The ultimate goal of ROCIO was to develop the inner structure of the bag that could be used as the basis for luxury fabric coverings.
It’s been a few years now that Paris Fashion Week has been highlighting some of the original creations made by talented designers and which have at the heart of their creation process 3D printing.
For some of the attendees, the use of 3D printing may probably not be that important but for fashion professionals, it’s a new era in the creation process; an era that opens new doors for sustainable catwalk-worthy fashion accessories.
Dutch fashion designer Iris van Herpen has become an expert in using 3D printing for fashion and today the luxury eco-fashion brand ROCIO follows the move with a reinvented handbag. The decorative handbags of the Scottish brand are traditionally individually sculpted from harvested acacia wood over a meticulous 19 stage process.
With the goal of exploring a new, sustainable way of manufacturing – AM in this specific case, the fashion company collaborated with the Renfrewshire based research centre, operated by the University of Strathclyde.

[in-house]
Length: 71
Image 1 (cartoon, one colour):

Incorporating novel technologies into the manufacturing process opens doors to scale up operations to meet customer demand while simultaneously revolutionising the design process, allowing ROCIO to explore different materials and design constructs. The ultimate goal of ROCIO was to develop the inner structure of the bag that could be used as the basis for luxury fabric coverings.
Atelier, a fashion business school in Spain, then used this prototype to create a final fully structured leather handbag – a first for ROCIO compared to its wooden product.
The structure created captured the same structured art form of ROCIO wooden bag sculptures, which enabled the brand to retain its signature characteristics in aesthetic and silhouette.
Hamish Menzies, ROCIO Creative Director, said: “We are really taken aback by the results. We’re at the heart of sustainable fashion and take pride in each accessory being a uniquely creative masterpiece. The pieces produced are works of art and this unique leather handbag concept delivers outstanding beauty in a structured art form which I believe pushes the boundaries of design. For us, exploring the use of a 3D printed prototype is more cost, time and material efficient in the long term. Through using this technology, we are one step closer to improving our endeavours to be even more sustainable, whilst unlocking and embracing the future capabilities of our industry.”
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